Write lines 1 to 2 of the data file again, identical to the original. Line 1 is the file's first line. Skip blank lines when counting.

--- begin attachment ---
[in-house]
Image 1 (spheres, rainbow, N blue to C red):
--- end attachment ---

[in-house]
Image 1 (spheres, rainbow, N blue to C red):